For The Economist, as print ad revenues have fallen and digital ad revenues haven’t plugged the gap, the focus has been on increasing profitability by growing digital subscriptions.

That means The Economist is very clear about what it wants out of platforms: to reach non-subscribers and give them samples of Economist content to eventually turn into more subscribers. Over the year, it has grown social media followers by 25 percent to now reach 44 million across platforms, mostly Facebook, Snapchat, Twitter and LinkedIn. It has seen a surge of subscribers, first after Brexit and more recently after Donald Trump’s election. In the last year, digital subs have grown by nearly 14 percent from 303,500 to 345,500. (The Economist’s overall subscription base is 1.5 million.)

“We’re constantly debating how much content to give away,” said Michael Brunt, The Economist’s CMO and managing director of circulation. “If you’re too generous, there’s no point in subscribing. We have the other view: We are generous; we work hard to distribute content on many platforms to give a flavor.”

The Economist has a metered paywall through which non-subscribers can view three articles a week. The 10-person social media team repurposes content for platforms. For instance, facts of the day work as standalone content posted to Facebook as well as teasing the more in-depth piece, like this stating America’s homicide rate has risen by 11 percent in 2015.

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Red cards act as standalone social media posts.

Typically, The Economist has calculated that it takes nine weeks to convert a reader into a subscriber. For its New Year campaign, it posted articles to Facebook that look back on 2016 to make sense of the future of liberalism. It boosts organic posts that are performing well, re-targeting readers with similar content, before introducing targeted display ads urging them to subscribe.

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New Year Facebook ad campaign.

To tie in with students going back to university, The Economist posted 120 content-led posts over six weeks on Facebook, focusing on how the workplace is changing as technology develops, putting money behind posts that performed well. All posts led to a content hub about the future of work where users could read related articles for free. This sample was re-targeted with ads to tip them into becoming subscribers, one of its most successful campaigns in terms of driving subscriptions to date.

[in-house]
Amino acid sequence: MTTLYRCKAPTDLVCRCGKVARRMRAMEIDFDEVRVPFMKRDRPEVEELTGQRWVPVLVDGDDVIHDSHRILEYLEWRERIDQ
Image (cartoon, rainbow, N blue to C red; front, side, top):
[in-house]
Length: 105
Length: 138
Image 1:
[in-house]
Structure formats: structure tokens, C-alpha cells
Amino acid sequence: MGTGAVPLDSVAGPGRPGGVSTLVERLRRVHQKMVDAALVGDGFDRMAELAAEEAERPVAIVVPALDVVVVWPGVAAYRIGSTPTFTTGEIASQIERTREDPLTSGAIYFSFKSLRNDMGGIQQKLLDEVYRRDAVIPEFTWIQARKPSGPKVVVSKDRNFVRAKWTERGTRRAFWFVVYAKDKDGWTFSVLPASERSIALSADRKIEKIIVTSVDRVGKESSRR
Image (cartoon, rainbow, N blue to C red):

While The Economist’s 14 percent growth rate in digital subs is solid, it pales to the 30 percent bump it saw the prior year.

“The slowing of digital subscribers isn’t a surprise,” said Thomas Caldecott, media analyst at Enders Analysis, adding that it’s not a reflection on the product but wider economic trends. There are also fewer print subscribers to convert to digital. While there are still many potential Economist readers (76 million globally curious, according to Economist research), converting them inevitably takes longer and costs more than those who are print readers.

Converting through Facebook is cost-effective and scalable, said Brunt. “It’s a soft sell as they are already slightly engaged. Then it’s appropriate to ask them to subscribe.” This targeting has enabled it to lower the cost of acquiring by half. Now, the acquisition cost is “very low, a few tens of pounds,” said Brunt, and a year’s subscription is £179 ($190). “The lifetime value is high. Readers are very loyal when recruited through this route. It’s getting The Economist reading material into their habits.”

The publisher doesn’t give out figures on how many subscribers it loses, but for those who have subscribed for two years, the churn rate drops to single figures.

“It’s a very good case study of if you provide some free content you can increase your ad scale and reach new readers,” said Caldecott, “as long as it’s cleverly designed and executed intelligently. With the content that The Economist creates, they are better placed than most.”

The Economist is also reaching between 3 million and 4 million people each weekend on Snapchat Discover, where it launched last October. It’s working on a model assigning a value to these views so it can incorporate it into a subscriber’s journey. For now, ad revenue “more than pays for the editorial,” said Brunt.

Image: courtesy of The Economist, via Facebook.

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